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January 25, 2018

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Left and Right Brain Thinking

January 6, 2018

I noticed spending time with family this Christmas, that my mind seemed to operate in two modes. One mode was the comparing, judgmental mind. The one that was talking to me, saying "you should not be disagreeing with your kids at the dinner table, this is terrible" or "I wish I had a beautiful home like my sisters". Then, sometimes, my mind would go into what I now call "living mode", where I just was. Where I would watch my relatives with appreciation and gratitude and not overthink everything, in the conventional sense of thinking. That space got quite creative and fun and was able to ride the "less agreeable" aspects of family time without undue drama.

 

My judging brain, however, never seems to get enough of itself. Left to its own devices, it could still be sitting here judging my sister's house or my son's comments.

 

Turns out this two brain model has some validity in both science and philosophy. The left brain interpreter is always looking to parse life out, make up a story about our experience, judge it, compare to other (also made up) stories. In this space, I  neurotically analyze everything everyone says or does, mainly myself. I then  project all this drama onto others.  A delightful Christmas guest! No wonder we don't like visiting family during the holidays.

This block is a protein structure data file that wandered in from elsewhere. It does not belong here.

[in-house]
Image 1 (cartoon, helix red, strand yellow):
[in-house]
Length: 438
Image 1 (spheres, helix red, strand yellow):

And we are noticing that the mind can also be another place, some call it "right brain" where it just is. operating seemingly effortlessly, relying on intuition and a sense of knowing. Some call that brain "flow" or "why" brain. I know I am in that space when the stress goes away. Where I am present and don't feel responsible for how dinner is going, I don't feel envious of what other people have. 

Perhaps these are the two metaphorical wolfs in the grandmother's tale.

 

While New Year's resolutions really triggers my "it isn't good enough" left brain interpreter, I do notice an intention to feed the wolf of being and not thinking. Of seeing how it is to move in the world knowing I don't have to overthink everything, in the conventional sense of overthinking.

 

Switching mindsets is what "The Work" does. It allows me to see that these thoughts that I think I rely on to live my life are inaccurate and untrue and only cause me stress. It then helps me find the truth. Living out of that space is so much easier. A return to the beautiful flow of life. 

 

More more about left brain thinking please read this delightful book: The Neurotics Guide to Avoiding Enlightenment. 

 

 

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